We’ve just come from the charming province of Quebec where we were based in Montreal, but took a day-tour to beautiful old Quebec City.
Montreal is colourful and artistic, known for its majestic churches, the Olympic Stadium, fun festivals, vast underground shopping city (for when the weather is a little nippy (that is, literally freezing!), and as being home to Cirque du Soleil. It is also the world’s second largest French-speaking city!
In fact, I didn’t really feel like I was in Canada in Montreal! We were told that Montreal is somewhat like the ‘Melbourne’ of Canada, and I think that’s true if you’re taking into account the city’s prevalent art and music scene. It’s a little older than Melbourne though (obviously), and one of the city’s coolest hotspots is actually its most aged: The ‘Old Town’, filled with fabulous old (French) architecture, quaint pubs, and Poutine shops.
I quite liked Montreal for its ‘interesting’ factor: There are dozens of amazing museums here, covering everything from contemporary to fine arts, ancient history, artefacts, dance and modern history – whatever you can think of really. We were lucky enough to test-run an economical City Museums Pass which entitles the holder to unlimited entry to all museums, public transport and special offers. A steal if you’re in the city! Our pick of such attractions would be the Biodome – an environmentally regulated indoor menagerie of plants and animals – including monkeys!
We were also lucky enough to strike the city during a celebration dubbed PopFest, which just so happened to culminate in a massive (I’m talking 80,000 revellers in the street outside our hotel) free street party/concert – full sound, stages, lighting, food and drink stands, port-a-loos and headlining act, the hugely popular Canadian group, Arcade Fire, on Thursday night. Amazing!
We didn’t rave on ‘til the crack of dawn with the locals though, because on Friday we were up bright and early, set for our adventure to historic Quebec City where history and modernity coexist harmoniously. I’d seen this place once, live on Channel 9 (Australia) when the breakfast show broadcast live from Quebec for a week. Ever since I’ve been keen to see it for myself. Turns out the sweet fairytale-esque town was actually falling into disrepair a few decades ago, but following the discovery of some very old, very important artefacts under a cathedral in the city centre, money was spent to restore the buildings to their former romantic state.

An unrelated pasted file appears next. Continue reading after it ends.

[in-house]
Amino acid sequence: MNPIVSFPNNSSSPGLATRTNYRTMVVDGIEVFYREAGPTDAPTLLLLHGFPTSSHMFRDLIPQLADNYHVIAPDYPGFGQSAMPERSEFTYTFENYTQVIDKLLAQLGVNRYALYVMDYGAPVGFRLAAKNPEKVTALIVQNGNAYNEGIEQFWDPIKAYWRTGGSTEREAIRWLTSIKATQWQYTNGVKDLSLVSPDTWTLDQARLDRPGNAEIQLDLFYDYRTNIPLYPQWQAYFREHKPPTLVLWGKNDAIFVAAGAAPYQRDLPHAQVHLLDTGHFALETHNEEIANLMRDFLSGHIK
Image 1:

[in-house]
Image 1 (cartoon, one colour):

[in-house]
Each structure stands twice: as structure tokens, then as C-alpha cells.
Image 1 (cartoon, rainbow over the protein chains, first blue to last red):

Now visitors can roam the winding roads and along the waterfront, admiring old homes and shops (some streets inspired by the English, the rest French), inspecting local artwork (a prominent industry here) and huge outdoor murals, and enjoying some local cuisine in between shopping up a storm on locally-made products. Quebec City again adds to the aforementioned ‘interesting’ factor in that its primary industries are tourism, government, agriculture and what they call the ‘economy of knowledge’. In fact, the region is renowned worldwide for offering the foremost research and technology into areas like psychology, oncology, infectious diseases, aerospace sciences and even the study of actuary!
I was somewhat expecting a little more of ‘Europe’ in Quebec, especially Quebec City, but the intriguing thing is that the city is a true mixture of its historical influences. Like Montreal, Quebec City was settled and raised by the English, French, Scottish and Irish. It’s a culture mash-up of grand proportions – a place where there is a Changing of the Guard ceremony that is commanded in French, and a grand statue of Joan of Arc stands within proper English gardens! Some streets look English; some French.
Quebec City is alluring to the traveller’s imagination, having been lovingly and carefully restored to look as it did several hundred years ago, and the fact that French is being spoken all around simply adds to the thrill. Montreal itself is undergoing a renaissance of sorts, with much of the inner city being cleaned up, rebuilt and remodelled (one nice example is that of a new cultural centre which is presently being built near The Marriott on Saint Catherine Street).
All in all, an interesting ‘Canadian’ experience – unexpected in a way, because I really didn’t feel like I was in Canada – the one I’m familiar with anyway; fascinating nonetheless, to see how this only-French-speaking region in North America (and one of the earliest settlements on this continent) has evolved over the past few centuries.
Loved our travel in Quebec, but now we’re off to PEI (yay!)
By Sarah Blinco